Cool Cap Engineer

Engineering by an anime nerd

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Controlling A Seven Segment Display Using Mojo


Remember a couple weeks ago when I said that I will be working on tutorials for the Mojo? Today’s post will be the first post that will be a Mojo tutorial. Although I originally planned to show you guys how to create a simple half adder with a 7 segment display, I realized we have to learn how to control the seven segment display first.  Today, I will show you not only how to connect your seven segment display to the Mojo, but how to implement a digital design to control the display on the Mojo.

What Are Seven Segment Displays?


A seven segment display is just seven LEDs arranged to display a number ranging from 0-9.  However, seven segment displays have two different connections: common anode and common cathode.Seven segment displays with a common anode connection means that all of the LEDs have their anodes connected together.  However, seven segment displays with common cathode connection means all of the LEDs cathodes are connected to each other. The picture on the bottom shows common anode and common cathode seven segment displays.

When you have a common anode display, you just need one current limiting resistor, but 7 devices to sink the current for each LED. A common cathode display requires multiple current limiting resistors, but one ground connection to sink the current for all of the LEDs. For today’s tutorial, we will use a common cathode seven segment display.

What Will You Need?

1) (1x) Mojo Board

2) (1x) LTS-4301JR 7 Segment Display

3) (7x) 330 ohm resistor

4) (1x) Micro USB cable

Wiring Connection

The picture below shows how to connect the 7 segment display to the Mojo.


How To Implement Your Digital Design Onto The Mojo?

For the next part, you’ll probably need to visit my getting started with FPGAs guide as alot of the steps from that tutorial can be applied for this one such as downloading the Xilnix Web ISE.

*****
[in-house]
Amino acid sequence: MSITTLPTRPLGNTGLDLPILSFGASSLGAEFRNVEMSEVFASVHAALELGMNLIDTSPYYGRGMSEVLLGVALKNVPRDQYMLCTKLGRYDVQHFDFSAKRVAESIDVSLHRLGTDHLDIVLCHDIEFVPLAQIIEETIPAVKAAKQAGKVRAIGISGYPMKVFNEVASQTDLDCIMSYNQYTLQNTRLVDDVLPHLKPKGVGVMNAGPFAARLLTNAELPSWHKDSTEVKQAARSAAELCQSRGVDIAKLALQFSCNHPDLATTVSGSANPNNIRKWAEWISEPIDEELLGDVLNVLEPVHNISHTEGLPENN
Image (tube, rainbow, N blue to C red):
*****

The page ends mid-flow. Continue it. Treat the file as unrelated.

Afterwards, you’ll need to download the Mojo project base.

After downloading and extracting the Mojo project base, open Xilnix Web ISE. Once you open up the Xilnix ISE, go to file->open project. Navigate to your Mojo Project base and select the Xilnix ISE Project file inside the folder.

From the hierarchy menu in the Xilnix Web ISE, double click on the Mojo Top.v file, and edit it to look like this.

module mojo_top(
    input clk,
    input rst_n,
    input cclk,
    output spi_miso,
    input spi_ss,
    input spi_mosi,
    input spi_sck,
    output [3:0] spi_channel,
    input avr_tx,
    output avr_rx,
    input avr_rx_busy,
	 output [6:0] display

wire rst = ~rst_n;

assign spi_miso = 1'bz;
assign avr_rx = 1'bz;
assign spi_channel = 4'bzzzz;
assign led = 8'b0;

Don’t worry about line 24. We’re going to add the seven_segment_display_decoder module right now. Right click on Mojo Top.v and add a new verilog file. We’re going to call it “seven_segment_display_decoder.” After creating the file, add the following code to the file.

`timescale 1ns / 1ps
module seven_segment_display_decoder(clk,number,seven_segment_display_control_lines);
input clk;
input [8:0] number;
output reg [6:0] seven_segment_display_control_lines;

always @ (posedge clk)
	1:seven_segment_display_control_lines = 7'b0110000;
	2:seven_segment_display_control_lines = 7'b1101101;
	3:seven_segment_display_control_lines = 7'b1111001;
	4:seven_segment_display_control_lines = 7'b0110011;
	5:seven_segment_display_control_lines = 7'b1011011;
	6:seven_segment_display_control_lines = 7'b1011111;
	7:seven_segment_display_control_lines = 7'b1110000;
	8:seven_segment_display_control_lines = 7'b1111111;
	9:seven_segment_display_control_lines = 7'b1110011;
	default:seven_segment_display_control_lines = 7'b1111110;	

Finally, select your mojo.ucf file. Edit it to make sure it look like this.

#Created by Constraints Editor (xc6slx9-tqg144-3) - 2012/11/05
NET "clk" TNM_NET = clk;
TIMESPEC TS_clk = PERIOD "clk" 50 MHz HIGH 50%;

# PlanAhead Generated physical constraints 
NET "clk" LOC = P56;
NET "rst_n" LOC = P38;

NET "cclk" LOC = P70;

NET "led<0>" LOC = P134;
NET "led<1>" LOC = P133;
NET "led<2>" LOC = P132;
NET "led<3>" LOC = P131;
NET "led<4>" LOC = P127;
NET "led<5>" LOC = P126;
NET "led<6>" LOC = P124;
NET "led<7>" LOC = P123;

NET "spi_mosi" LOC = P44;
NET "spi_miso" LOC = P45;
NET "spi_ss" LOC = P48;
NET "spi_sck" LOC = P43;
NET "spi_channel<0>" LOC = P46;
NET "spi_channel<1>" LOC = P61;
NET "spi_channel<2>" LOC = P62;
NET "spi_channel<3>" LOC = P65;

NET "avr_tx" LOC = P55;
NET "avr_rx" LOC = P59;
NET "avr_rx_busy" LOC = P39;
NET "display<0>" LOC =P87;
NET "display<1>" LOC =P85;
NET "display<2>" LOC =P84;
NET "display<3>" LOC =P83;
NET "display<4>" LOC =P82;
NET "display<5>" LOC =P81;
NET "display<6>" LOC =P80;

So we finished all of the code for the Mojo. Now we need to create the bit file. Before we create the bit file, make sure you save everything. Once you save everything, select mojo_top.v. Underneath the hierarchy menu is the processes menu. Look for “Generate Programming File” in the Processes menu. Click on it. Xilnix will now try to create a bitfile aka your digital design.